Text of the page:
The expected future spending, according to survey data, and the actual future spending, according to the high-quality administrative records from the bank.
Primary Outcomes (explanation)
We will test a series of predictions from macroeconomic models. For example, if an individual believes that the nominal exchange rate will go up in the next 12 months, that individual may want to buy soon imported goods such as consumer electronics. For these outcomes, we'll have two versions:
(i) Subjective measures of future spending elicited at the end of the survey.
(i) Objective measures of actual future spending obtained from the administrative records of the bank.
For example, we included one subjective question about whether it was a good time to buy consumer electronics. And we can use the bank's transaction data to measure (approximately) the actual spending on consumer electronics. Given that the transaction data is high-frequency data, we can explore effects at different time horizons (e.g., the effects during the first month versus the effect during the first three months).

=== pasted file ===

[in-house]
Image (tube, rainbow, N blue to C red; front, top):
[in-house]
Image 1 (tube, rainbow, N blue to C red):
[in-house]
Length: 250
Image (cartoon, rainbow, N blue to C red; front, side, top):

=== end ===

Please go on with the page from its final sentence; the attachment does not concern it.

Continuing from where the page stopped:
Secondary Outcomes
Secondary Outcomes (end points)
Secondary Outcomes (explanation)
Experimental Design
Experimental Design
The first part of the analysis is non-experimental: we want to measure the association between certain beliefs and spending behavior. The second part of the analysis is experimental, for which we use a standard information-provision experiment.
Experimental Design Details